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Spring Budget 2017—IPG members react
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Posted by IPG
What does the Budget mean for independent publishers? IPG members share their thoughts

Martin Casimir, Maths No Problem! and IPG vice chair

“It certainly wasn't a budget for entrepreneurs or the self-employed, with both taking a hit through changes to dividends and National Insurance contributions respectively. It was good to hear that the economy is in better shape than expected, but the longer term looks more worrying, with growth rates predictions downgraded. Sins and pensions were largely untouched, and there were some significant investments in education, which is good news. But on balance, a boring Budget, though we can expect more sparks later in the year. Boring is good at the moment thank you.”

Jim Smith, Globe Law & Business and IPG Patron

“This was a slender event, perhaps in anticipation of something more substantial when the Budget moves to its new slot in the autumn. In an industry that relies heavily on freelancers, the hike in NI for the self-employed is disappointing. Some of the education initiatives may be useful in certain publishing sectors—for example the new T-levels and additional funding to support new PhD places. Business rates reliefs probably offer too little to make a significant difference for most.”

Di Page, Critical Publishing

“Overall it is hard to find anything to get excited about in this Budget. As is typical of most small publishers, we use plenty of freelance staff who will be hit by the rise in NI and the reduction in the dividend payments threshold. In our specific markets we wait to hear what the impact of the cash injection into social care, the introduction of T-level qualifications and potential for yet more free schools will be. The continuation of austerity means that budgets in the public sector, one of our key markets, will continue to be squeezed.”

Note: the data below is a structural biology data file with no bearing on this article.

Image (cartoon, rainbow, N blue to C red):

Tim Davies, independent business consultant

“Notwithstanding the recently-reported and very good news of double-digit growth for a small number of IPG members, I’d be surprised if many identified strongly with ‘Spreadsheet Phil’'s comments about “robust growth.” Predictably, we’re none the wiser on Brexit strategy. Higher NI costs for the self-employed may well nudge up publishing freelancers' fees over time. In theory, the increase in personal tax-free allowances will benefit lower-earning salaried employees, but salary rises could be compromised if those freelance costs go up significantly.
Small business owners hoping to maximise their dividend on modest profits will be dismayed to see the reduction in tax-free dividend allowance from £5,000 to £2,000, particularly as the change will kick in as early as April next year. It’ll be interesting to see how the injection of £270m into ‘new technologies’, specifically to include ‘driverless vehicles’, will affect sales reps down the line!”

Kathryn Earle, Bloomsbury

“There is nothing specific to our sector in the Budget, but some changes will ramify. A new fund for discretionary local business rates relief (a ‘hardship fund’ if you like) will help some businesses—including bookshops, we hope—offset otherwise damaging recent rates rises. But as many have said, it doesn't resolve the basic unfairness of business rates—a job that has been in the ‘too difficult’ box for years.
Many city-centre publishers have seen the very real problems that staff can have in finding affordable housing. The Budget’s emphasis on building a Brexit 'war chest'—as Paul Johnson points out, a slightly delusional concept given the size of the deficit—does not leave much hope of major changes from the forthcoming housing White Paper, despite promising noises from the minister, Gavin Barwell.